Professional cash game player Barry Tanenbaum's Advanced Limit Hold 'em Strategy: Techniques for Beating Tough Games marks an important contribution not just to that category of texts devoted to limit hold 'em, but to the greater overall knowledge of poker strategy and theory. While of particular benefit to middle- and high-stakes LHE players, the book has a lot to offer to players of other games, too. With its many helpful lessons and careful, clear presentation of difficult concepts, Advanced Limit Hold 'em Strategy deserves a place alongside other must-have books for the serious poker player.
As the title indicates, the book is not intended for newcomers to the game. "If you are a beginner, please do not read this book first," advises Tanenbaum. "Read some basic books and play for a while. I am trying to improve your game, not give you one." Indeed, Tanenbaum does not purport to provide players a new style, but rather to teach them to how to cultivate and improve upon the style they already have.
Specific advice Tanenbaum gives, say, about how to think about certain starting hands from certain positions, may strike one as "tight" or "loose" (depending on one's viewpoint). However, it would be inaccurate to characterize Tanenbaum as promoting any particular style of play. If anything, the "style" Tanenbaum advocates is really better characterized as an "attitude" or "orientation" — namely, always to remain aware of the various factors affecting one's success at the table, and to plan one's actions accordingly. "You should always know why you bet, or checked, or called, or raised," advises Tanenbaum.
Advanced Limit Hold 'em Strategy is especially well organized and presented, reflecting Tanenbaum's many years as a poker coach as well as his experience writing over 100 columns for CardPlayer magazine, from which some of the material included here first appeared. The book is divided into two sections, "Concepts" and "Stages".
In "Concepts," Tanenbaum primarily focuses on issues and problems one repeatedly faces in a variety of poker situations. (This is the section of the book I'd suggest is particularly useful to both LHE and non-LHE players.) The discussion is organized around five key areas of emphasis: the importance of position; recognizing opponents' tendencies; understanding when and how to use aggression; creating dead money; and correctly assessing the significance of image, both one's own and those of others.
Central to all of Tanenbaum's advice is his opening contention that those poker players who profit the most are all adept at "forcing their opponents into predictability" while "being unpredictable themselves." As a way of introducing strategies for achieving those goals, he evokes an old marketing tactic — abbreviated "FUD" — to help emphasize the need to "spread fear, uncertainty, and doubt among your opponents" at the table.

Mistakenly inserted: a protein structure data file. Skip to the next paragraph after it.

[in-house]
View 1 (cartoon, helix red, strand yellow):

One key way to spread "FUD" is to create what Tanenbaum calls the "Illusion of Action," that is, to play in a manner and with enough frequency to appear to be giving "action," thereby getting real action in those situations when one indeed has the best of it. The concept covers a variety of plays (e.g., using position, exploiting weaknesses, creating dead money) that may well fall outside of one's usual arsenal — and are not necessarily recommended when up against unimaginative or unobservant opponents.
Other important concepts addressed by Tanenbaum include hand reading, noticing tells in others and avoiding giving them oneself, and maintaining balance. There are also a number of valuable suggestions regarding various issues one encounters when moving up in limits and/or to more difficult games.
"Stages" is presented according to the four stages of a hand of limit hold 'em: pre-flop, flop, turn, and river. It should be noted, however, that Tanenbaum rarely discusses a given hand without remaining mindful of how it plays within a sequence of hands from which a multitude of factors should influence one's decision making.
The discussion of pre-flop play does consider hand values and hand selection, though it forgoes offering a starting hand chart in favor of providing in-depth, insightful mini-lectures on all the possible hands with which one might enter a pot. Also included here is a terrific dissection of blind play, an important area not often afforded such close attention.
Keeping with the theme of always remaining aware of the reasons why one bets, checks, calls, or raises, subsequent sections each focus on particular situations while always being mindful of integrating individual plays into an overall "plan" for the hand. Tanenbaum examines specific, common scenarios (e.g., reraising the flop, playing the turn out of position) to good effect, often punctuating his analyses with highly instructive examples.
"Many people sort of 'play at poker' rather than playing poker," asserts Tanenbaum. "Playing correctly requires thinking about your hand, the board, and what you would do to minimize your loss or maximize your profit." [I]Advanced Limit Hold 'em Strategy </i > provides readers with a host of tools and techniques for becoming more aware, more thoughtful — and thus more profitable — poker players.